Passing bumps in the road: what we can learn from FAW's 70-year journey

Xinhua 2023-7_15

BEIJING, July 15 (Xinhua) -- In the northeastern city of Changchun, the humble automobile is a shining light against which all other sights of the city seem dim. You would be hard-pressed to find another city in China that is so deeply connected to, and heavily affected by automobiles.

Known as the cradle of China's automotive industry, Changchun, capital of Jilin Province, is home to FAW Group Co., Ltd., the nation's first auto manufacturer that celebrated its 70th anniversary on Saturday.

FAW's history is the very embodiment of China's auto industry -- from conception to birth, and from weakness to strength.


FAW started from scratch as an important part of China's first five-year plan.

At that time, rebuilding was an urgent task facing the newly founded People's Republic of China (PRC). Hundreds of millions wondered when they would be able to ride in a locally made car.

During the plant's three-year construction, hundreds of cadres were sent to help, and a large number of skilled workers from Beijing, Shanghai and Tianjin set off for Changchun. Graduates from top universities and returned students also joined in.

When the first batch of Jiefang trucks rolled off the production line in 1956, engineers and technicians immediately went forward to lift the hood, listening to the roaring of the engine. The crowd burst into triumphant laughter when it gradually stopped, the People's Daily reported.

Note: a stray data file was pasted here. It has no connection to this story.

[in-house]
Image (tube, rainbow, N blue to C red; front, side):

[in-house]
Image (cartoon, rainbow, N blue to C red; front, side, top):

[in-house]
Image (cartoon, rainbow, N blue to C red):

In May 1958, China's first prototype Dongfeng model was produced by FAW. The first Hongqi luxury sedan was produced mere months later. The Hongqi open-top limousine made its debut in Beijing at the 10th anniversary of the founding of the PRC.

With China's reform and opening up, imported cars flooded into the Chinese market from the mid- to late 1980s. FAW established a joint venture with Volkswagen in 1991, starting to produce the Jetta cars, which became one of the most popular compact models in China along with the VW Santana and Citroen ZX.

China's auto industry has never forgotten the importance of independent innovation. Its path can be characterized by the development model of a latecomer country -- independent innovation based on introduction.

This mode develops technologies and products with independent intellectual property rights through introduction, digestion, absorption and innovation, and establishes a relatively complete automobile industry system with independent development and manufacturing capabilities, national brands and a domestic auto parts supply system.

As the backbone of China's auto industry, FAW absorbed technologies from its foreign partners and developed its own Hongqi brand, which was a long, hard slog.


FAW's "market for technology" strategy was anything but smooth, even counterproductive at times. There was a period when its self-owned brands lagged significantly behind those of the joint ventures, both in terms of product quality and market recognition.

As is often said, the rising tide covers many things, but when it goes out, you learn who's been swimming naked.

Geng Zhaojie, a veteran automobile executive who served as head of FAW for 14 years from 1985, remained calm and sober-minded when foreign businesses entered China's auto market.